Is WordPress Secure?

min read

Whenever we talk about WordPress and security, it’s important to address one question right off the bat. How secure is WordPress? The answer is, WordPress is one of the most secure web publishing applications available, and that is due to WordPress’ open-source status.

Now, this might seem contradictory. If the source code for WordPress is open and anyone can see it and tamper with it, and anyone can contribute back into the project, wouldn’t that make the project less secure?

Well, the reality is completely opposite, because an open-source application is built by the people who use it, and the people who develop WordPress have a vested interest in the application working and being secure.

That means any time a vulnerability is found inside WordPress, the WordPress community as a whole bands together to find a way of patching this vulnerability and then submitting an update back to the people who use WordPress.

This is what results in these constant updates of the application. You’ll often see a new update every month, and it’s also why WordPress evolves so quickly.

Because the community is working together to build a better application, we get security updates right away, and we also get featured updates all the time, with new features and new functionalities built in.


The bottom line is, WordPress is secure thanks to your vigilance.

As a WordPress user, you’re automatically part of the WordPress community, and that means as long as you keep your WordPress site up-to-date, you have a secure site, and if something were to happen to your site, you can communicate that directly back to the WordPress community, and the community will band together and find a way of patching that hole and then distribute the patch to everyone who uses WordPress.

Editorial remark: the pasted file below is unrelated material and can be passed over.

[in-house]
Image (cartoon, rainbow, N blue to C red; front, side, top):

It’s a constant feedback loop that creates a more secure environment that’s really agile and able to deal with problems almost immediately.

And you can see that exact phenomenon in action. Some time ago (in a version far, far away) a major security vulnerability was found in WordPress and Drupal that could result in sites going down and being impossible to recover.

It could also result in servers crashing and a lot of dramatic things happening. Now this was not because of WordPress or Drupal not being secure.

It was because of an intrinsic problem with web servers that can be exploited due to the fact that WordPress and Drupal both run on MySQL servers.

What happened when this vulnerability was found was that the researcher who discovered a vulnerability instead of just immediately publishing it or by exploiting it, he contacted the WordPress security team and the Drupal security team and told them about the vulnerability, and both applications were able to immediately push out updates to the applications to the users before that vulnerability was made public.

The result was WordPress 3.9.2, which came out of the blue, got auto-installed on millions of WordPress sites worldwide through the auto-update function, and then the security patch was fixed before anyone even knew it existed.

So, if you ever wonder how secure WordPress is, just notice how often these point releases come out, and you’ll know that any time you see one of those, it means someone found some way of getting into the application, and then someone else immediately fixed it, republished a code out to everyone who uses the application, and basically solved the problem before the problem became a real problem.

Part 1 of the WordPress Security Best Practices series;
Part 1 : Is WordPress Secure?
Part 2 : Keeping WordPress up to date
Part 3 : WordPress Backups and Logins
Part 4 : Limit WordPress admin access

If you’re looking for more help and support with WordPress, we can help, we have 10 years experience with the platform. To arrange a chat or coffee, get in touch

Caroline Hagan

Caroline brings over 15 years as a Designer and Developer; featured in .NET magazine, the only woman in the UK accredited for Google Mobile Sites. A business mentor with Enterprise Nation, STEM Ambassador and Google Women Techmaker Ambassador Previous client projects include Blackberry, FIAT, Clark Shoes and Sky.